Lamas would start getting his due, as he was briefly linked to fight Frankie Edgar before Edgar replaced and injured Erik Koch to fight champ, Jose Aldo. Instead, Lamas would eventually face Koch and defeat him by TKO by elbows in the second round. This fight and his four-fight win steak in the UFC would lead to the biggest fight of his career, a championship fight against Jose Aldo at UFC 169. This would be Lamas’ first fight in over a year due to being pulled from UFC 162 in July of that year because his opponent, Chan Sung Jung, would replace an injured Anthony Pettis to face Aldo at UFC 163. Lamas,who was training BJJ at the prestigious MMA Masters under the tutelage of renowned BJJ practitioner Daniel Valverde received his BJJ back belt before this fight. Valverde comes from a impressive lineage of BJJ practitioners including Mistuyo Maeda and the Gracie’s. Valverde is also known for being a TUF coach for Team Noguiera on TUF 8. Getting a black belt from him is well deserved.

On Feb 1, 2014 at UFC 169, Lamas would lose his effort at knocking Aldo off of his perch at the top of the division, losing by a unanimous decision (49-46 on all cards) and giving Aldo his 17th straight win at the time. Lamas would eventually bounce back with a couple of nice wins, including a submission win over Dennis Bermudez before getting TKO’d by Chad Mendes in the first round at UFC Fight Night 63. Lamas would again alternate wins and losses by winning his next fight by unanimous decision over Diego Sanchez, then losing to Max Holloway by the same result.

Lamas was then scheduled to fight BJ Penn in his return to MMA at UFC Fight Night 67 in the Philippines. There was a lot of trash talking leading up to the event with Penn saying he was going to finish Lamas and Lamas replying: ““I’m not going to be a stepping stone for anyone. I don’t care if he’s a 2-division world champ or whatever. I’m not here to let anybody make their comeback, make their career, and make their name off me. So it’s a bold statement for him to say that he’s gonna finish me, and I just don’t see it happening.” Well, for the record, I don’t think anyone saw that happening the way Penn did. But we may never know as Penn had to back out of the event citing an injury and the entire event was cancelled. Lamas was then rescheduled immediately to fight Charles Oliveira at this past weekend, at the Ultimate Fighter Latin America 3 Finale. Oliveira missed weight by almost 10 lbs., the fifth time he’s missed weight in his career. Lamas, who is half Mexican, said there was no way he wasn’t going to accept that fight stating before the fight after finding out the results of the Oliveira weigh-in and being approached by a UFC official asking if he’d still want to fight: “The people of Mexico came to watch a good fight. They always support me, and there was no way I was leaving without fighting in that cage.”  After the fight he elaborated even more: “it wouldn’t have mattered if he was 20 or 30 pounds overweight”.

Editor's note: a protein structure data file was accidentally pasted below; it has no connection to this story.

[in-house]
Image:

The fight was a battle of two highly touted BJJ practitioners. Lamas was in trouble early as he started the fight with a low kick but saw a counter right by Oliveira. The fight went to the mat and Lamas ended up in Oliveira’s half-guard. Lamas was able to stand for a moment but then slammed back to the mat by Oliveira. Oliveira then tried to work a D’Arce choke. Shortly after Oliveira was on top dominating the position. He sneaks Lamas’ back and tries to sneak in the choke. Lamas was able to survive, but the bell probably saved him as the choke was sunk in very deep. Oliveira easily won the first round. In the second round, it’s clear that Lamas wants to stand and strike. He kicks and tries a knee early but Oliveira takes him down. Lamas works his way to the top and as Oliveira scrambles, Lamas sinks in the guillotine choke, easily his favorite submission, and it’s in deep and forces Oliveira to tap at 2:13 in the second round.

Will this win propel Lamas back into the title picture? I think Lamas may get the winner of Pettis-Halloway in a possible rematch with Max. Possibly a Swanson rematch next year if Swanson gets past Choi or even a long awaited fight vs. Edgar… we will get a clearer picture on the division soon after the McGregor – Alvarez fight (to see if McGregor abandons the belt) and when/if it’s determined Aldo is really done with fighting in the UFC.